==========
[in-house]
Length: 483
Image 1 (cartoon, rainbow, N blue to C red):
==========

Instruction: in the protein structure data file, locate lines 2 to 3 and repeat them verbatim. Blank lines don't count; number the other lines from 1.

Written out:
Length: 483
Image 1 (cartoon, rainbow, N blue to C red):